What to do if your mortgage lender starts court action
When you get letters from the court
- get advice if you can
- work out a plan to repay the arrears if you’re able to
- decide what to ask the court if you can't afford to stay in your home
- check the court documents and return the defence form
Get debt advice
If you haven't done so already, now is the time to get debt advice.
A debt adviser can help you draw up a financial statement and make a repayment plan.
Make a repayment plan
The judge will usually let you stay in your home if you can show that you can pay both:
- your monthly mortgage payment
- a set amount each month until you clear the arrears
The plan needs to show that you have enough income left over every month to pay a regular amount towards the arrears until they are cleared.
Drawing up a financial statement can help you do this.
If you come up with a reasonable repayment proposal, put it in writing to your lender before the court hearing. They may still want to go to court to make sure you stick to it, but they must treat you fairly.
Make a formal complaint if your lender won't talk to you or rejects reasonable proposals to deal with the arrears.
You can complain to the Financial Ombudsman Service (FOS) if you're unhappy with the lender's response. You should ask the court to delay the hearing while they wait for the FOS to consider the complaint.
Decide what to do if your mortgage is unaffordable
It may not be possible to keep your home in the longer term if you:
- can't afford the monthly repayments
- won't be able to clear the arrears by the end of the mortgage term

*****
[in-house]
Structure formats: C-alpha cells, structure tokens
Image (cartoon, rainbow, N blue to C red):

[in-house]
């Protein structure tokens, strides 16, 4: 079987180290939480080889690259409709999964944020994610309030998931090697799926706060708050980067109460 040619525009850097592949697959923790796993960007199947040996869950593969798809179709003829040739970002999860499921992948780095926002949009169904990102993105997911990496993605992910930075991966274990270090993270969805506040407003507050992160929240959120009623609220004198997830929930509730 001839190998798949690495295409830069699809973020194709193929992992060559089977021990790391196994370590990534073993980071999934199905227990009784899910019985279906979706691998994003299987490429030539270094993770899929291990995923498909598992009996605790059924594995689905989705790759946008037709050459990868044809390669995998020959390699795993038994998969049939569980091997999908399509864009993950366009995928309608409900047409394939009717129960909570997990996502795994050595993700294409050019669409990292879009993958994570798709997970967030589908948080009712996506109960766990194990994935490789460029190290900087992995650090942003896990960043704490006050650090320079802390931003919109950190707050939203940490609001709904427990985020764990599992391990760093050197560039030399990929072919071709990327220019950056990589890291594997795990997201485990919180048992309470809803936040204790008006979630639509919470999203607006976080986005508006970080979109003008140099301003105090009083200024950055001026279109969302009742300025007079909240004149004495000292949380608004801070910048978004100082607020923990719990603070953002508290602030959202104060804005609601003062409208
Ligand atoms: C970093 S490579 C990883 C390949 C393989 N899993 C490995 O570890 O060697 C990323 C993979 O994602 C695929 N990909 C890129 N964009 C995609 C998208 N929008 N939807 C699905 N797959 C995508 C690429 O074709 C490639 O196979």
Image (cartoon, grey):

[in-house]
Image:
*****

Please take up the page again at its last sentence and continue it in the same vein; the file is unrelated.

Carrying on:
Some homeowners choose to sell their homes in this situation rather than wait for repossession and eviction.
If you accept an offer on your home, you could ask for time at the hearing to allow the sale to go through. You'll need to show the court evidence of the sale.
Check the court documents and return the defence form
You will get several letters and forms from the court. Keep them together in a file.
|Letters received||What this means|
|Claim and defence forms||Your lender has applied for a possession order.|
|Reactivation notice||Your lender has applied to restart the court process.|
|Notice of review||The court has scheduled a review date for your case.|
|Notice of possession hearing||The court has arranged a hearing for you to attend.|
The claim form
The claim form and particulars contain the details about your mortgage and the missed payments. Read through this information carefully. Make a note if there's anything you disagree with.
The defence form
Use the defence form to tell the judge:
- about your financial circumstances
- how you can repay the arrears
- if you disagree with anything the lender has said
You should also say if the lender hasn’t followed the steps they should take before starting court action.
Mention if you’ve been struggling because of coronavirus. For example if you’ve lost your job or your income has reduced.
You should return it to the court within 14 days.
If you can't complete the form or get help with it, court guidance says you could send a short statement to the court instead.
A reactivation notice means your landlord wants to restart the court process if it was on hold during the eviction ban. They should only do this as a last resort.
Notice of review
A notice of review tells you the date your case will be reviewed by a judge.
You don’t need to attend in person but you can get legal advice from a duty adviser on the day.
The notice of review will tell you how to contact them.
Notice of possession hearing
A hearing will usually take place at your local county court 4 weeks after the review.
You should always attend if you can.
Let the court know in advance if you can't, for example, if you’re self isolating. You may be able to join the hearing by phone or video.
You can get legal help from a duty adviser on the day of the hearing. The notice of possession will tell you how to do this.
Last updated 30 October 2020 | © Shelter
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